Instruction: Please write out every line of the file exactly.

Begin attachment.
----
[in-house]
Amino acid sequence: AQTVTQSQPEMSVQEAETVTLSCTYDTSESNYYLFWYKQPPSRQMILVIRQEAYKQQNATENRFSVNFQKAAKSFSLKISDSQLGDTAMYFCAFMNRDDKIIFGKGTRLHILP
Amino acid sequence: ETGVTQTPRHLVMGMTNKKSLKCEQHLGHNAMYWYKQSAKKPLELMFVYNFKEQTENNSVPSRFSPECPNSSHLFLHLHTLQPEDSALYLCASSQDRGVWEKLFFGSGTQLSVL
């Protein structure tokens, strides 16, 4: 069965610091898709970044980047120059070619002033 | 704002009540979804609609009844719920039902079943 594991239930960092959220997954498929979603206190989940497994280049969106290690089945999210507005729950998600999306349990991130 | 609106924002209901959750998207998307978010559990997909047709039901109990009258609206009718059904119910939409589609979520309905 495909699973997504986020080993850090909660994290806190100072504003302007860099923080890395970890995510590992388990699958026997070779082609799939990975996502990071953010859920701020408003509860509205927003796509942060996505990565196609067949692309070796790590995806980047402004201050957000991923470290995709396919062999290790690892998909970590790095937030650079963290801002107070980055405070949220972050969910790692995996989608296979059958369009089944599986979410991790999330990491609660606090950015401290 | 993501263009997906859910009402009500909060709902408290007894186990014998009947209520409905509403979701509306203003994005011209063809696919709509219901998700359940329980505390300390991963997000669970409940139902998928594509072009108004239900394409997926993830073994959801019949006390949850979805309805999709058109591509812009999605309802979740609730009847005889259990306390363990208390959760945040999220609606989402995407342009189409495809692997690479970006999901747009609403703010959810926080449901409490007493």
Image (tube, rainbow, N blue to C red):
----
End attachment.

[in-house]
Amino acid sequence: AQTVTQSQPEMSVQEAETVTLSCTYDTSESNYYLFWYKQPPSRQMILVIRQEAYKQQNATENRFSVNFQKAAKSFSLKISDSQLGDTAMYFCAFMNRDDKIIFGKGTRLHILP
Amino acid sequence: ETGVTQTPRHLVMGMTNKKSLKCEQHLGHNAMYWYKQSAKKPLELMFVYNFKEQTENNSVPSRFSPECPNSSHLFLHLHTLQPEDSALYLCASSQDRGVWEKLFFGSGTQLSVL
């Protein structure tokens, strides 16, 4: 069965610091898709970044980047120059070619002033 | 704002009540979804609609009844719920039902079943 594991239930960092959220997954498929979603206190989940497994280049969106290690089945999210507005729950998600999306349990991130 | 609106924002209901959750998207998307978010559990997909047709039901109990009258609206009718059904119910939409589609979520309905 495909699973997504986020080993850090909660994290806190100072504003302007860099923080890395970890995510590992388990699958026997070779082609799939990975996502990071953010859920701020408003509860509205927003796509942060996505990565196609067949692309070796790590995806980047402004201050957000991923470290995709396919062999290790690892998909970590790095937030650079963290801002107070980055405070949220972050969910790692995996989608296979059958369009089944599986979410991790999330990491609660606090950015401290 | 993501263009997906859910009402009500909060709902408290007894186990014998009947209520409905509403979701509306203003994005011209063809696919709509219901998700359940329980505390300390991963997000669970409940139902998928594509072009108004239900394409997926993830073994959801019949006390949850979805309805999709058109591509812009999605309802979740609730009847005889259990306390363990208390959760945040999220609606989402995407342009189409495809692997690479970006999901747009609403703010959810926080449901409490007493």
Image (tube, rainbow, N blue to C red):